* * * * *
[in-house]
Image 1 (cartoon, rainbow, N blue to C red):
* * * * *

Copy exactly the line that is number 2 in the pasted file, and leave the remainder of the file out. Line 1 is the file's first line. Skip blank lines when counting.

Image 1 (cartoon, rainbow, N blue to C red):